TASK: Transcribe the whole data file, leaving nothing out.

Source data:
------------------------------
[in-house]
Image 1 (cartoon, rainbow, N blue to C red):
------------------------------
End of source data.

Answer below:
[in-house]
Image 1 (cartoon, rainbow, N blue to C red):